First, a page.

Must-Try Food in Ischia, Italy

Ischia, a small island off the coast of Naples that is the home of my ancestors and husband, is a food lover’s paradise. Americans often consider food, such as pasta and pizza, as “Italian.” That’s definitely accurate, but each region of the country is known for its own particular dishes. Ischia is no exception. When in Ischia do as the Ischitani, and eat this:

Coniglio all’ Ischitana

Undoubtedly, the most famous dish in Ischia is coniglio all’ Ischitana, which is rabbit in a white wine, tomato-laced sauce. This is always surprising to visitors, who imagine seafood as the only viable option on an island. The truth is that wild rabbits were in great abundance in Ischia. In addition, the island’s beauty lies in its great dichotomy of the sea and mountains. As a result, much like its landscape, its cuisine nods to both.

If you want to sample rabbit, you can do it at many restaurants on the island. But you should call ahead and alert the staff because the chef needs to get a fresh rabbit and take the hours necessary to cook it. Less adventurous eaters might want to avoid the organs and stick with the meat. However, Italian children often fight over who gets to eat the kidneys, and the eldest usually stakes claim to the brain. They say it will make you smarter.

The best way to enjoy rabbit is at the home of one of the natives. If you can find people on the island, who are friends or family of yours, they will make the traditional Sunday meal of rabbit. The sauce from the rabbit will also be used to coat bucatini pasta. An invite, however, must come with a warning; the Ischitani will kill the rabbit in front of you to prove it is fresh. Avert your eyes. There’s no going back after the Easter bunny gets slashed in front of you. It could ruin the meal, and it’s truly too delicious to miss.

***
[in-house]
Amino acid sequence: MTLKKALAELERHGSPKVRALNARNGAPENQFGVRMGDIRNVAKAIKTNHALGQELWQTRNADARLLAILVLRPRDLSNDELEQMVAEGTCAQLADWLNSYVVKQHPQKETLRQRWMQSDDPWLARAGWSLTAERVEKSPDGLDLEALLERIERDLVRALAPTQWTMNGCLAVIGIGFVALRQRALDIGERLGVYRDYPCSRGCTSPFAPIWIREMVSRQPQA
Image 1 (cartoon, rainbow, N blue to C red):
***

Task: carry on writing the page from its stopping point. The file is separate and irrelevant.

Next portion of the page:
Seafood

Obviously, an island surrounded by sea is going to have the best seafood you will ever eat. Literally, I’ve watched fishermen pull up an octopus from the sea, bag it, and hand it to a consumer in one fell swoop. It doesn’t get fresher than that. My first stop on every trip to Ischia is for either mussels or clams. But I also savor octopus, which is especially good with potatoes or in a cold salad. Never say no to the fried calamari, which are almost never rubbery like you often find in the United States.

Shrimp, fried or as the star of the sauce in a pasta dish, offers deeper flavor. Part of the reason is Italians cook shrimp and fish with the heads on them. This can be quite shocking to some Americans. My sister-in-law made my brother remove the heads before she would eat shrimp at my wedding in Italy. The look may be a turn off, but the taste will have you going back for seconds. Give it a try even if you don’t like seafood in the States. It’s a really different taste, much milder and even sweeter in some cases. Just beware, that the whole fish you are eating requires lots of cleaning and careful attention as you’re eating. You could end up choking on a bone.

Pizza

To start, I have to give credit where credit is due. Naples is the home of pizza’s invention. You will find the ultimate, best pizza there. However, Ischia is a province of Naples, and there are plenty of people from Naples living on the island, who have brought the tradition with them. As a result, you can get the next best pizza in Ischia.

My sister-in-law and her friends from Italy famously ordered one pizza pie each when they were visiting the United States many years ago. They ended up with a hotel room overflowing with pizza, far too much for the few people eating. The opposite is true in Italy. Pizzas are single serving dishes, cut into four slices each. They are artisanal and made to order.